National Register Listings in
Jackson County, Kentucky

The song "Happy Birthday to You" was written by two sisters, Mildred and Patty Hill, who were both born in Kentucky.
Jackson County, Kentucky, located in the southeastern portion of the state, has a rich history dating back thousands of years. The area was originally inhabited by Native American tribes, particularly the Cherokee and Shawnee, who utilized the land's resources for hunting and gathering. European exploration and settlement started in the late 18th century when pioneers, mainly of Scottish and Irish descent, began to establish homesteads in the region.

In the early 19th century, the War of 1812 brought notable changes to Jackson County as the conflict between the United States and the Native American tribes intensified. The area became a battleground, witnessing various skirmishes and conflicts between the settlers and Native Americans. Nevertheless, the pioneers persevered and continued developing their communities, building schools, churches, and businesses.

By the mid-19th century, coal mining became a significant economic activity in Jackson County. The opening of coal mines attracted an influx of workers, leading to the growth of towns such as Annville and McKee. Additionally, the establishment of railroads in the late 1800s boosted the coal industry, connecting Jackson County to larger markets and facilitating the transportation of goods and people.

In the 20th century, Jackson County faced the challenges of the Great Depression and the decline of the coal industry. However, the construction of the Cumberland Falls State Resort Park in the 1930s brought a renewed wave of tourism to the area, as visitors flocked to witness the majestic Cumberland Falls and partake in outdoor recreational activities. Today, Jackson County continues to thrive as a close-knit community with a mix of rural traditions and natural beauty, attracting visitors with its picturesque landscapes and warm hospitality.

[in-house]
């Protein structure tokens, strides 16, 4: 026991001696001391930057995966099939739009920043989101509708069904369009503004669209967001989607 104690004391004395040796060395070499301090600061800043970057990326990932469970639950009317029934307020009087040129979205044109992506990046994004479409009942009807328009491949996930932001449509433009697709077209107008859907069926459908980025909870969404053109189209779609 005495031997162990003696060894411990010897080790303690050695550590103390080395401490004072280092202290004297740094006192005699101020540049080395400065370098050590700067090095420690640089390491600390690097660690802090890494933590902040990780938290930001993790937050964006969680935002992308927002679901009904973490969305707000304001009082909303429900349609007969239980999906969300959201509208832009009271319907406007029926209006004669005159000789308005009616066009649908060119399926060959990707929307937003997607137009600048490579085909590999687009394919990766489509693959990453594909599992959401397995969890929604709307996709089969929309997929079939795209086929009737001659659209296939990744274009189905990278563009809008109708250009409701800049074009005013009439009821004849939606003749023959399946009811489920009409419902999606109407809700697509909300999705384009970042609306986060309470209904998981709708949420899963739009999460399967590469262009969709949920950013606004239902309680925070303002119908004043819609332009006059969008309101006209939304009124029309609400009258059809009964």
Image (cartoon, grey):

This timeline provides a condensed summary of the historical journey of Jackson County, Kentucky.

  • 1774 - First European settlers, John and Sally Jackson, move to the area.
  • 1825 - Jackson County is officially formed as a county in the state of Kentucky.
  • 1840 - The town of McKee becomes the county seat.
  • 1861-1865 - Jackson County experiences the American Civil War, with several residents serving in the Union Army.
  • 1902 - The Kentucky Union Railroad is completed, connecting Jackson County to neighboring counties.
  • 1937 - The Flood of 1937 devastates Jackson County, causing significant damage to infrastructure and displacing many residents.
  • 1969 - The Daniel Boone National Forest is established, protecting large areas of Jackson County's natural landscapes.
  • 1997 - Jackson County hosts the first-ever Kentucky Wool Festival, celebrating the region's wool industry.
  • 2010 - The population of Jackson County reaches its peak at over 13,000 residents.